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Category Is: Q&A With Legendary Ballroom MC Dashaun Wesley

Dashaun Wesley Photo: Roy Richlin/Getty Images

On HBO Max’s Legendary, eight houses from the ballroom scene compete at weekly balls, voguing and walking in highly themed categories, for a grand prize of $100,000 and the status of Superior House. To those who have been to a ball, or who at least follow some houses on social media, it’s exhilarating to see the art form codified into a television format — with a television budget — and put on full, glamorous display.

But for many more viewers, Legendary may be their first exposure to the contemporary ball scene. That’s where host Dashaun Wesley comes in: A dancer, MC, and actor who appears as Shadow Wintour on Pose, Dashaun is pure stage presence, and he runs the show by keeping the audience energized, quelling shade between the 40 contestants and judges Jameela Jamil, Law Roach, and Leiomy Maldonado, and freestyling over every walk and final battle. He also serves “voguecabulary,” inviting outsiders in on the party. In late June, Wesley spoke to Vulture about the evolution of ballroom, the highlights of hosting, and what he’s playing in quarantine.

On Legendary, you’re both a ball MC and a reality TV host. How are those jobs different, and how do you find a balance between being the MC in the room and hosting on-camera for the audience at home? 

I’ve been commentating and hosting balls for many years, and now that it’s on this platform and I get to grab that microphone and do it with 14 cameras around, it changes the dynamic. Now, I have to educate not only those who are there watching in the moment, but those who are watching on screens. What I did as a host was make sure I connected with everyone, so they understood what was going on as it was happening.

Legendary is about a subculture and art form that has influenced mainstream pop culture, but hasn’t often been in the spotlight itself. Was it a challenge to balance authenticity to the scene with guiding new viewers through it? 

We have little clips of “voguecabulary,” where we try to break down the wordings that we use. Like what’s a category, what’s an element, what’s a move? Years ago, we weren’t in this mainstream view, but people had an idea that stuff was going on, because of things like Madonna’s “Vogue.” When she went on tour, she took people from House of Xtravaganza. There was that [early ’90s] moment that we had, and then we had a gap in between.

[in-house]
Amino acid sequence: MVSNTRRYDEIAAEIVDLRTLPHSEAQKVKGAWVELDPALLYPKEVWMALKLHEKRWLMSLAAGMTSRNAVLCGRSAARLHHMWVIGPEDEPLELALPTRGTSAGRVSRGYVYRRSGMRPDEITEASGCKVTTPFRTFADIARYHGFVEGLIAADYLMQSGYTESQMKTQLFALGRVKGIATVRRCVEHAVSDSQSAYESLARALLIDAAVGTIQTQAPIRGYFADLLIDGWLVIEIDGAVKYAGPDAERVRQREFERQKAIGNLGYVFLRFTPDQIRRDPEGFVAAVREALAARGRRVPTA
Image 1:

Social media plays a big part in ballroom becoming mainstream. Us putting videos on platforms like YouTube and Facebook, we thought we were just sharing among one another, not realizing that people were watching what we were sharing and loving what we do. Now, you can click and find us within three keystrokes. There are so many [opportunities] we have now to reach out to others. Like Vogue Evolution [on America’s Best Dance Crew], My House, or Kiki. It’s so weird — I remember those conversations years ago with people in the ball scene, where they were like “We’ll never be that big,” or, “This’ll never happen. That’ll never happen.”

Does anything get lost from the in-person ballroom experience as it becomes a show? 

On television, you only get a specific amount of time. A ball event can go for 10 hours, 12 hours sometimes. We’re trying to do the best that we can at Legendary, so everyone outside can look in and understand what’s going on. Yes, it’s gonna be hard to try to understand what a category is when you have an hour to break it down, with five other categories following along. So that’s why we’re doing our best to give you an eye-opener into what the ball scene is. It’s up to you as a viewer if you want to go to a ball, or support by watching, or support it by doing something else. I wish that we could tell the whole story, because the majority of times in the balls, yes there’s action on the stage, but there’s action all around: There’s houses sitting at their tables, there’s people walking around talking, there’s friends connecting, maybe even some shade in the room, and enemies who can’t wait to get to the floor to battle it all out.

How much freedom did you have shaping your role on the show? 

My stylist, Eric Archibald, is part of the ballroom scene as well. He’s an icon. I gave him my ideas from the beginning, and episode after episode, he just turned it all the way up. I think it’s so beautiful that we get to sit on this platform and get creative. The creative control I have as the host, again, you just want to make sure things go right. I’m throwing in a couple of jokes, I may be a little bit shady, or have to get things back in order. It’s just making sure the show is running fine. And that creative process has been so open for me to just jump in.